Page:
The exact identity of the fossil has bounced around, but it is currently recognized as an indeterminate sauropodomorph in the clade Plateosauria.  This obscure dog-sized beast was part of a lineage leading to the sauropods, the behemoth long-necked herbivores we fondly remember as Brontosaurus, Diplodocus, Titanosaurus, and others.  From small beginnings arose some of the largest animals to ever live upon this Earth.

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One of the vertebral elements with an illustration of a reconstructed plateosaur skeleton. Image credit: Galton 1971 via Carroll, R.L. 1988. Vertebrate Paleontology & Evolution / Yale Peabody Museum / Curious Sengi.

Despite the rather humble appearance of these bones blown out of Ellsworth’s well, their scientific relevance has been long-lived, with the specimen being cited in publications as recently as 2012.  The bones also have the historical distinction of being the earliest discovered dinosaur fossils in North America verified by recorded literature and an existing specimen.

So how did this subject of lively discussion amongst the physicians, professors, and learned citizens of early 19th century Connecticut find its way into the Yale Peabody Museum?  The world of science was still relatively small and intimately connected by communities of correspondence, so it was a matter of time before the news reached one of America’s most influential men of science, Benjamin Silliman (1779 – 1864).  (Incidentally, he was also the founder and editor of The American Journal of Science and Arts which published the first accounts of the bones.)  As a professor of chemistry, geology, mining, and pharmacy at Yale College, Silliman for many years kept a “Mineral Cabinet” that was filled with samples and specimens for teaching.  Undoubtedly recognizing some potential, he acquired the fossils for the cabinet.

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Benjamin Silliman was about to start a career as a lawyer when he was approached with an offer of professorship in chemistry and natural history.  The only difficulty was that Silliman had no training in science!  But the young man met the challenge with intelligence and energy, and within a few years, delivered the first lecture on science ever given at Yale.  As a respected geologist, teacher, and liberal-minded reformer, Silliman became an influential figure in 19th century intellectual life.  Here, he has inked his own initials, “B.S.”, on the back of this specimen. Image credit: Yale Peabody Museum / Curious Sengi.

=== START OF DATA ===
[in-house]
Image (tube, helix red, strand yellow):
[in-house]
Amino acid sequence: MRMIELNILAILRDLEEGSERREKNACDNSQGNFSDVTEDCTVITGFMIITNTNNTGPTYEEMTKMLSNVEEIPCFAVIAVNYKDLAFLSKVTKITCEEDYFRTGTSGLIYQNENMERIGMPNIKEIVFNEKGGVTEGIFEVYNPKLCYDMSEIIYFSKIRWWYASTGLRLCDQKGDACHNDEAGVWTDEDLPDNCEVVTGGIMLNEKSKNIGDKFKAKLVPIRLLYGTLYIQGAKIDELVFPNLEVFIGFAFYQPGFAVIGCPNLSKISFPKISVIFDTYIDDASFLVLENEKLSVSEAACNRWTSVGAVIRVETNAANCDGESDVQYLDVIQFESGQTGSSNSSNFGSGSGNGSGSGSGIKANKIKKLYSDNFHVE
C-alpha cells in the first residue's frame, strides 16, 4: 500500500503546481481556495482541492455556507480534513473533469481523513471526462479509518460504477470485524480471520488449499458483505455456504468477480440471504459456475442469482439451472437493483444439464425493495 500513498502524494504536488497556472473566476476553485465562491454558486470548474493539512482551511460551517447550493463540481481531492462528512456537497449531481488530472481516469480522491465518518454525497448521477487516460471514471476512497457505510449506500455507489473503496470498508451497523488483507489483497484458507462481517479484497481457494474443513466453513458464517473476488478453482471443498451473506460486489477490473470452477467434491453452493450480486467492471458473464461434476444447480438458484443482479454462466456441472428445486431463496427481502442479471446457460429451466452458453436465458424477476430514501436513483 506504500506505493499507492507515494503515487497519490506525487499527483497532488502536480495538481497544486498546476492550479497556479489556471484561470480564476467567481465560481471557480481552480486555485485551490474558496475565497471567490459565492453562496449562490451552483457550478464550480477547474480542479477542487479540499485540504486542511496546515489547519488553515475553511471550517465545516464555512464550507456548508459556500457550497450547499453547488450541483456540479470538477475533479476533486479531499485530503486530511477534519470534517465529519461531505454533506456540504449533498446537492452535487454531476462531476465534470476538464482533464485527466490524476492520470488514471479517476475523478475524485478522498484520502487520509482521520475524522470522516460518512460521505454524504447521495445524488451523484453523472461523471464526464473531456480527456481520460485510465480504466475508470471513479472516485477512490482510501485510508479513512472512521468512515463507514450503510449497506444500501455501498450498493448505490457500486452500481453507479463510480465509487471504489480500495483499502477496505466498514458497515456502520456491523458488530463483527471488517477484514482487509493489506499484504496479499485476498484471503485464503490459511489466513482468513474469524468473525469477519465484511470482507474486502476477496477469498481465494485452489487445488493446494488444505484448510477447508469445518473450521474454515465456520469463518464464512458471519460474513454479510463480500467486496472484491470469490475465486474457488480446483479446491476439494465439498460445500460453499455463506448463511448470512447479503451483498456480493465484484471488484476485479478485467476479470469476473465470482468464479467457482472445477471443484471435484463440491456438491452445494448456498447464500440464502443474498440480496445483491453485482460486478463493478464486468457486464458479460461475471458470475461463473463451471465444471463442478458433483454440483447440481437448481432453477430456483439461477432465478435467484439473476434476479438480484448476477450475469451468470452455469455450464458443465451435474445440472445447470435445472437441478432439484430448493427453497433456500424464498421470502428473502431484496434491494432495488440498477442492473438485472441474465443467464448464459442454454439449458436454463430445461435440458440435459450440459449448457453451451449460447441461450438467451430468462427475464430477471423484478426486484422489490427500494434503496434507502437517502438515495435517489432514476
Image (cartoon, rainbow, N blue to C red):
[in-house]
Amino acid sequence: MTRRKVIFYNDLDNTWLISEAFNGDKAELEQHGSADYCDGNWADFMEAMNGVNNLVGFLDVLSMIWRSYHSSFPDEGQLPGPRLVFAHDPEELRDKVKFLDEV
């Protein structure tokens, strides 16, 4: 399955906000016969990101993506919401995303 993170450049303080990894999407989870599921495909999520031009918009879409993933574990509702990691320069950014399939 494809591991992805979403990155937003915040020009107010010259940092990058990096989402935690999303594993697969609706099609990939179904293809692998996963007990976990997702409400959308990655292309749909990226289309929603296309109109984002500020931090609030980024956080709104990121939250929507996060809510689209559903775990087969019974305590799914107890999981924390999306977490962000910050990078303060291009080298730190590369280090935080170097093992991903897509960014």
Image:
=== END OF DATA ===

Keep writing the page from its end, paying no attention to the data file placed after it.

Over the years, the natural history collection at Yale grew in size and matured in ambition.  It was time for the university to have a proper museum for the benefit of both its students and the public.  Sensing that the rich, newly-discovered fossil beds of the American West would soon overwhelm the current facilities, Silliman made some initial overtures to wealthy philanthropist George Peabody.  The request seems to have fallen flat; however, it was Silliman’s student, O.C. Marsh, who was finally able to prevail.  By the time Marsh secured a $150,000 gift for what would become the Yale Peabody Museum in 1866, Silliman had been dead for two years.  But it was Silliman’s cabinet that formed the core of the museum collections, including those curious white bones embedded in red Connecticut sandstone which would be the first specimen to enter a newly formed Division of Vertebrate Paleontology.  From an early American teaching collection arose a modern museum with over 13 million specimens — yet another great rise from a small beginning.

 

Special thanks to Dan Brinkman for his assistance in researching this post.

Come see an exhibit celebrating the history of the Yale Peabody Museum and its treasures from 2 April 2016 until 8 January 2017.

 

References

Delair, Justin B. & W.A.S. Sarjeant.  2002.  “The earliest discoveries of dinosaurs:  the records re-examined.”  Proceedings of the Geologists’ Association 113:  185 – 197.

Galton, Peter M.  2012.  “Comment on Anchisaurus Marsh, 1885 (Dinosauria, Sauropodomorpha): proposed conservation of usage by designation of a neotype for its type species Megadactylus polyzelus Hitchcock, 1865.”  Bulletin of Zoological Nomenclature 69 (3): 229-231.

Hall, John.  1821.  “Fossil Bones found in East-Windsor, Connecticut.”  The American Journal of Science and Arts 1 (III):  247.

Hanrahan, Brendan.  2004.  Great Day Trips in the Connecticut Valley of the Dinosaurs.  Perry Heights Press.

Remington, Jeanne E.  1977.  “Curatorial Staff and Other Scientists Associated with the Peabody Museum of Natural History and Its Antecedent Collections, 1802 – 1977.”  Discovery 12 (3):  31 – 42.

Smith, Nathan.  1820.  “Fossil Bones found in red sand stone.”  The American Journal of Science and Arts 1 (II):  146 – 147.

Wyman, Jeffries.  1855.  “Notice of Fossil Bones from the Red Sandstone of the Connecticut River Valley.”  The American Journal of Science and Arts 2 (XX):  394 – 397.

Yates, Adam M.  2010.  “A Revision of the Problematic Sauropodomorph Dinosaurs from Manchester, Connecticut and the Status of Anchisaurus Marsh.”  Palaeontology 53 (4):  739 – 752.